3 Reactions to Becker’s Hospital Review: State of Healthcare Finance Report

By Bird Blitch, Chief Executive Officerstopwatch250

Have you seen the recent State of Healthcare Finance Report, where Becker’s Hospital Review interviewed 52 CFOs from hospitals and health systems all over the country to understand what’s hot on their minds for 2014? Given a healthcare environment that’s as ever-changing as the recent Atlanta weather, the results paint a picture of uncertainty for hospitals of all sizes and systems; however, the CFOs are fairly unified in their concerns and goals this year.

I’d like to offer my thoughts on 3 important findings from the survey:

A vast majority of CFOs (75 percent) said reductions to Medicare reimbursement — through sequestration and other scheduled declines — worry them the most.

No matter how anticipated the scheduled deadlines, the Medicare reimbursement cuts to providers will still impact hospitals’ bottom lines.  Coupled with an increase in high deductible health plans, this will shift even more financial responsibility to the patient; this is an issue hospitals already struggle with.  CFOs must rise to the challenge of forgoing the predictability of reimbursement for the uncertainty of collecting from the patient.  For this reason alone, the profitability of every hospital is now in the hands of the patient.

The bulk of CFOs (71 percent) said the challenge of transitioning to ICD-10 is, far and away, the most important revenue cycle issue for this year.

I think everyone agrees that the shift to ICD-10, while worthwhile in the long run, is bound to cause some headaches for CFOs this year.  That each hospital will need to dedicate millions of dollars and hundreds of hours of billing staff time in preparation for the shift means, more than ever, providers cannot afford a lag in their revenue cycle leading into October.  The report also mentions stabilizing cash collections as a parallel concern to ICD-10, with days of cash on hand being reported as the second most important financial metric behind operating margin.  Regarding cash collection methods, I challenge every CFO to ask, “could you be doing more in-house with cloud based tools, could you be getting higher recoveries, and could you be saving money through the process?”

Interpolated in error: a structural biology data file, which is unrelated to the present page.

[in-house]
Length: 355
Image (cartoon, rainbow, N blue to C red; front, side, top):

57 percent of CFO survey respondents still said managing labor costs has been the most difficult operational issue during the past year.

Has anyone else noticed how much the CFO, CIO, and COO roles have become intertwined in the past couple years? 2014 is probably the year the CFO will leverage data to increase operating margin and efficiency – because the financial survival of the hospital will depend on it.  Automation as much as possible is the key; it’s the easiest, most cost effective and least risky way to accomplish these objectives.   For example, if you are manually processing checks, electronic payments, refunds, payment plans, cash, etc and reconciling them without any type of automation, you are wasting employee time that could be spent managing your commercial payer payments..  The rising cost of ICD-10 conversions will cut into your employee’s resources of time; therefore, optimal employee allocation is a must.

The good news is that CFOs recognize these problems; after all, the report is a reflection of the issues they hope to address throughout 2014.  67% of CFOs reported that healthcare IT would be their largest capital expenditure of the year.  Hopefully this indicates a progressive approach to an aging industry, one that will lead to exciting insights in both the clinical and operational realms around the patient and the community.  Ultimately, those providers who have systems in place to help the patient will control healthcare. I’m looking forward to working with CFOs, vendors, and patients alike to continue making this goal a reality.